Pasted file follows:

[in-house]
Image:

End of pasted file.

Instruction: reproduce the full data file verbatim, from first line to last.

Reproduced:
[in-house]
Image: